Be brave and choose an area of weakness; then, make your plan of attack–says Donna McElroy.
As much as it looks natural and second nature for some singers, it takes an abundance of qualities to be a successful vocal entertainer.
Knowing the skills you lack and merely wishing you were better will not lead to vocal success.
It’s time now for you to identify some key areas that go into the mix of a well-rounded vocal performer.
I’m speaking of aspects beyond warm-up and exercises, practicing in the mirror using the hairbrush as your microphone.
This week why don’t you choose 2 or three aspects of the list below as areas to develop:
* Movement skills
* Stamina to vamp as long as you want
* Audience interaction and crowd management
* Interaction with band members
* Online fan base management
* Song writing and publishing
* Band decisions
* Song lists and keys
* Event consciousness (How many wedding songs do you know? How about the National Anthem?)
* Sound equipment, i.e., mics, chords, mixing boards, amplifiers, pre-amps, reverbs and effects, EQ software, voice-enhancing programs…
The list of possible things to be aware of is endless, of course, but just choose 2 or 3 things from this list as a start.
Find Your Testing Ground
I grew up in a time when there were many community opportunities to compete as a musical talent.
Louisville, KY, was a great environment for the arts, and I auditioned for every thing and usually got in.
In your community, too, there are probably places to test out your skills and develop them without the pressure of “big-time” stakes.
This experimentation is so key and is missing in the lives of most young performers I see.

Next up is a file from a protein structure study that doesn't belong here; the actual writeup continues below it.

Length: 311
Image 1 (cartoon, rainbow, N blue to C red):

Explore youth choirs in your area and church and P&W(Praise and Worship) groups where you can work on your writing and performance skills and get great feedback from audiences comprised of your peers.
My Reactions to This Week’s Peer Review Vids
Tamara Kim – Beauty (Original)
Joni Mitchell would be proud! Phoebe Snow you should know! Remember, Miss Tamara: there’s no new story. Uniqueness is the way you deliver it, and whether your way is more “embraceable” than the next storyteller. Take your instrument more seriously; don’t just use it to “accompany” your guitar playing. The brighter and clearer your voice, the more coherent your message. So work on your enunciation, especially the sibilance and bringing the consonant sounds right to the very front of your mouth. Opening your mouth more to accommodate this sibilance will pay off for you in live performances and in the studio.
Christen Sawyer – Ashes (Original)
Christen: big voice, great playing, good song! Remember, your voice frequency is in the relative area of the frequency of the strings on a guitar, and you are being cancelled out by the string frequency if you play louder than a certain volume. For the sake of clarity and a better sound, I say stand and use your diaphragm, or upper abdominal muscles, as well as the lower abdominal, or pelvic muscles, to help you project over the guitar. I sense a bit of weariness toward the end that this full-body approach might remedy.
Dan Paul – City Romance (Original)
Dan, I would like to hear your falsetto or even your upper “head” voice. To develop more than the one sound sometimes pays off in the course of a career filled with lots of opportunities to sing your music (as well as other people’s), jingles, group blending, sound-a-likes, possibly some musical theatre, maybe even duets. Work to expand your menu a bit: a lighter falsetto-like breathiness, or a tender passionate long note; nobody does that anymore, and I miss it terribly. Your song writing might be complimented as well, as this increased ability will give you more melodic choices.
– Donna McElroy
Read Donna’s Exclusive Interview for VoiceCouncil
Donna McElroy is a Grammy nominated vocalist, celebrated arranger and well-loved Voice Professor at Berklee College of Music. Her contributions include arranger/background vocalist on gold and platinum releases “Why Haven’t I Heard From You?” by Reba McEntire; “We Shall Be Free” by Garth Brooks, “Addictive Love” by BeBe and CeCe Winans, and “House of Love” by Amy Grant. She’s been the recipient of a Grammy nomination for Bigger World (WB) and a Dove Award for Songs from the Loft (Reunion). Television appearances include Arsenio Hall, The Tonight Show, and The Grammy Awards.